It was always planned for and seemed to be the only way worth exploring the subject matter. I wanted to quickly set up a basic story with vague character motivations early on, then let the film sort of float through a succession of scenes that develop on their own and lead down roads that might not initially seem like the obvious path to take. These sequences serve the film as its narrative. It also owes a lot to the type of film and art that I enjoy experiencing. The ones that allow room to explore, to question, to apply meaning that can change whenever you come back to them. I’m much more interested in creating an interactive film than a passive film- a movie that draws an individual in, presents them with images and sounds, and makes them develop their own personal response that is quite possibly completely different from someone else who has viewed the same film. While I think it’s certainly possible to watch the film in a very literal sense, even as a documentary (this person walked here, said this, etc.), I don’t know if that would leave me, as an audience member, with an experience worth remembering. In a way, the film is only as abstract as the viewer takes it. Many symbols in the film are inspired by pieces of art, paintings, poetry, or sculpture that I had personally connected with, but these symbols could easily be interpreted in varying ways by different audience members. I encourage finding new meaning behind them. I think the possibilities offered by cinema can be much more than just talking heads and pages of dialogue spelling out intention, and I’ve tried to focus more on exploring these visual and aural avenues.

Q) The film’s soundtrack stands out in the film, between moments of ear-shattering noise and deafening silence. When did work on sound design begin and how did it shape the film?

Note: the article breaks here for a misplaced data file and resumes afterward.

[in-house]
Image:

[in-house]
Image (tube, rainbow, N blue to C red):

Ideas for sound design came with everything else, right at the beginning. It’s always been a dream of mine to have ADR dialogue recorded for an entire film and I finally got to realize that dream. This is another technique commonly used to great effect in older films, with all of the dialogue re-recorded in post-production, and I feel like that decision provides an immensely unique feel. I also wanted to emphasize scenes where the lead characters are completely isolated from the rest of the world, and this was another way to deliver that feeling. You can’t hear anything other than their footsteps in a location, maybe their breathing, and even when they speak their words seem disconnected from everything, including themselves! The café scene also had very specific sound design elements, where I wanted to present three different “worlds” and point-of-views occurring at the same time, each with different musical cues and sounds around them. If we’re experimenting with visual concepts, why not experiment with sound as well? The sound design of a film is something that I honestly think isn’t explored enough in the majority of films and filmmaking I’ve seen lately, and it can be such a vital part to delivering theme and atmosphere in a film. If a certain scene needs to be violent and abrasive, then the sound for that scene can be screaming right there along with it. I also enjoy listening to many ambient, noise, and experimental musicians, so these elements naturally worked themselves into the film.

Q) Your shooting locations, interiors, and landscapes are visually stunning. Where did production take place?

We shot at practical locations all over Texas, I loved it. I grew up in Texas and spent a lot of time walking, driving, and exploring through huge, Texan fields. An open field represents a lot to me- so much potential, endless possibilities, yet there’s an overbearing sense of isolation and emptiness. Perfect for the film.